Navdip Dhariwal meets some of the acts backstage at the Mela
Thousands of people have attended the London Mela in west London - said to be Europe's largest Asian festival.
The day-long festival at Gunnersbury Park, which is now in its sixth year, showcased the best of South Asian music, dance, food, comedy and cabaret.
"It's like the Notting Hill Carnival, the Glastonbury of Asian music," said Radio One DJ Bobby Friction.
Headline acts at the Mela, which means "meeting" in Sanskrit, included Raghav, Jassi Sidhu and Taio Cruz.
The free festival had seven zones and featured urban, classical and experimental music, DJs, circus, dance, visual arts, comedy, a children's area, food from around the world and a giant funfair.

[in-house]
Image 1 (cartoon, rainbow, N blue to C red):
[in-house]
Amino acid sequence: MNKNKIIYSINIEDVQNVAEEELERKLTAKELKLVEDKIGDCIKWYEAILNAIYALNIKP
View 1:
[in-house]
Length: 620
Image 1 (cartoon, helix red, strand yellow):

The Mela showcases the best of British Asian talent
Raghav, who scored three top 20 hits in 2004 and 2005, made his UK comeback on the main stage.
"I can't think of a better place to be," he told the BBC's Asian Network.
"The Asian scene in the UK means so much to me. To be at, I think, the biggest Mela in the world, is really important."
Friction, who is compering the Radio One stage with his on-air co-presenter Nihal, said the success of the Mela proved that Asian music was becoming more mainstream.
"You could compare it to what happened to reggae through the 70s," he said.
"It was a music that expressed the voice of a small community. It's now a British form of music. It's earned it's place in the history of music."